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Using weakrefs instead of __del__

P: n/a
I know __del__ can't be relied on to do cleanup, so I'm thinking of
using a globally reachable weakref to do the job, like so:

import weakref

class Foo:
def __init__(self, *args, **kwargs):
self.__realfoo = RealFoo(self, *args, **kwargs)
def blah(self):
return self.__realfoo.blah()

class RealFoo:
refs = set()
def __init__(self, front):
self.refs.add(weakref.ref(front, self.cleanup))
def blah(self):
print "Blah!"
def cleanup(self, ref):
print "Doing cleanup"
self.refs.remove(ref)

Is there any reason why this wouldn't work? Can it be used as a
general replacement for anything that needs __del__? Even in Jython or
other alternative implementations?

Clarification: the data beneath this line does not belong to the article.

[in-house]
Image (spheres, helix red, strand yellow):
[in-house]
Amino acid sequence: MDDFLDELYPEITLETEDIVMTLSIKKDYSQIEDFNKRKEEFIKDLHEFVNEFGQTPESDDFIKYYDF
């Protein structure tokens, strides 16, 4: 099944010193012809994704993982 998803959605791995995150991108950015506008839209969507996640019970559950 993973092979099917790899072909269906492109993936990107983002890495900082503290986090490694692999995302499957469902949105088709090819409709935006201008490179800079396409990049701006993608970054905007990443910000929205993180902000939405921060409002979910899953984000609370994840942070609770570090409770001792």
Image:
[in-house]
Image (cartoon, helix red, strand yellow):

Some issues I know about:
* The weakref must be globally reachable (as I do with the above code)
to make sure it doesn't get deleted at the same time Foo does, because
python would not call the callback if that were the case.
* I can't use any getattr tricks to wrap .blah() because Foo().blah()
would only use a method bound to RealFoo, thus allowing Foo to be
deallocated and .cleanup() to be called before the method itself is.
Unfortunately my metaclass-fu is too weak to figure out something
without that problem.
* I've no idea what will happen when the interpreter exits, but I
don't imagine it would matter much for most uses.

--
Adam Olsen, aka Rhamphoryncus

Jul 18 '05 #1
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